China: Release Liu Feiyue and Decriminalize Human Rights Activism

Comments Off on China: Release Liu Feiyue and Decriminalize Human Rights Activism
China: Release Liu Feiyue and Decriminalize Human Rights Activism

(Network of Chinese Human Rights Defenders – January 29, 2019) A Chinese court sentenced human rights defender Liu Feiyue (刘飞跃), director of the NGO Civil Rights & Livelihood Watch, to 5 years in prison on “inciting subversion of state power” charges today. The verdict is clearly an act of retaliation against Liu Feiyue for exercising and advocating for human rights. Liu ran a website that published information on human rights violations, especially abuses of activists and dissidents in psychiatric detention facilities. Authorities also accused Liu of accepting funding from overseas. Suizhou Intermediate Court in Hubei announced the verdict today, following an August 2018 trial.

By imprisoning Liu, the Chinese government demonstrates its determination to take harsh and resolute measure to crush Chinese human rights advocates and NGOs. Under President Xi Jinping, the government has closed off civil society space in China for domestic and international human rights NGOs, especially since the Overseas NGO Management Law took effect two years ago. Criminalizing human rights NGO leaders like Liu Feiyue, and, most recently, Huang Qi (黄琦), Qin Yongmin (秦永敏), and Zhen Jianghua (甄江华), is the harshest measure that the government has taken in recent years in its war on civil society organizations promoting human rights, rule of law, and democracy.

The Suizhou court convicted Liu Feiyue and handed down a 5-year sentence with deprivation of political rights for 3 years, along with a 1,010,000 RMB (approx. 150,000 USD) fine during the sentencing hearing on January 29. The fine appears to match the amount of overseas funding that prosecutors accused Liu of accepting. His sentence will expire on November 17, 2021. At the August 7, 2018 trial, authorities did not allow any of Liu’s supporters into the courtroom for the hearing, and police detained supporters outside the courthouse, at train and bus stations in Suizhou, or blocked them at home.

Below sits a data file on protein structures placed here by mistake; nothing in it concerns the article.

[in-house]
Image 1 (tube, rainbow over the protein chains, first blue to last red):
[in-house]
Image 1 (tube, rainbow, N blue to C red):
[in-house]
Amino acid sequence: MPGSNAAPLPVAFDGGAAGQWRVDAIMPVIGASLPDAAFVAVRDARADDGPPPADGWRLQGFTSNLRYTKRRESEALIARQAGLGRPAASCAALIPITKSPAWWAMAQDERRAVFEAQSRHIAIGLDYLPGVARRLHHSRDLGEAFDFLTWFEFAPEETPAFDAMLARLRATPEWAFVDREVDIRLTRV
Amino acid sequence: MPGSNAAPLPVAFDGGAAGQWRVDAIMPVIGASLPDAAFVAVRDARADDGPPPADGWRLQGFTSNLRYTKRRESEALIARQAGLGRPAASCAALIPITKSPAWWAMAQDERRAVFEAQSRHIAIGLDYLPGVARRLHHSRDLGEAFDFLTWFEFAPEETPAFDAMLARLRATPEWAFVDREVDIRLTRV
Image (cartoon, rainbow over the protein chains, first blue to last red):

For more than a decade, Liu Feiyue published articles online and worked peacefully to advocate and protect human rights. The website he ran amplified the voices and provided support to disadvantaged and marginalized social groups—workers, farmers, victims of forced eviction, school teachers, members of banned religions, and detainees in psychiatric hospitals—that China’s authoritarian development crushed or left behind.

The indictment against Liu accused him of six “major criminal offenses” and cited as evidence of “inciting subversion” his writings and publications of reports of human rights abuses on the Civil Rights & Livelihood Watch (民生观察) website. The indictment listed applying and accepting overseas funding to support the NGO’s operations as a “criminal act.” International human rights standards protecting the right to freedom of association includes the right to “solicit, receive, and utilize resources for the express purpose of promoting and protecting human rights and fundamental freedoms through peaceful means.” An earlier charge of “leaking state secrets” was dropped from the indictment.

The prosecution’s case against Liu Feiyue should have been thrown out because authorities deprived him of his due process rights, including the right to a fair and public trial by an independent court and access to a lawyer. Suizhou police initially detained Liu in November 2016 and formally arrested him a month later. Police did not grant him a single meeting with his lawyer for the first six months of detention, and repeatedly denied him meetings afterwards. Police harassed one of his lawyers and threatened him unless he dropped the case. Another lawyer, Wen Donghai (文东海), was disbarred by the government. Police also put pressure on Liu’s family to coerce him into confessing.

In April 2018, the independent experts on the UN Working Group on Arbitrary Detention issued an opinion, judging that Liu’s detention is arbitrary and the government must release him and provide him state compensation for the harm done to him.


Born February 5, 1970 in Suizhou City, Liu Feiyue had become a frequent target of police harassment, beatings, detention, and forced “tourism” since even before he founded Civil Rights & Livelihood Watch in 2006. The group’s website has reported rights abuses and published interviews with victims of human rights violations and marginalized social groups. The group has documented hundreds of cases of forced commitment of activists and dissidents to psychiatric institutions. Since police took him into custody, many petitioners—those who lodge grievances and seek redress—have called for his release, in large part since his website has been an available space for them to share stories about their personal experiences.

In 1998, Liu Feiyue joined the Hubei chapter of the banned China Democracy Party, and soon after began researching and publishing articles about non-violent civil and political rights movements. A participant in many advocacy campaigns, Liu was among a group of activists who launched a movement in 2003 urging the Chinese government to implement political reforms. The following year, he gathered over 500 signatures from individuals seeking more affordable prices for medications, in a drive supporting the right to health. Liu has worked as a teacher during some of his time as a right defender. In retaliation for his continuing activism, authorities have also targeted his family and threatened to deny his son the right to education.


Renee Xia, International Director (Mandarin, English), +1 863 866 1012 reneexia[at], Follow on Twitter: @ReneeXiaCHRD

Frances Eve, Deputy Director of Research (English), +1 661 240 9177 franceseve[at], Follow on Twitter: @FrancesEveCHRD

Back to Top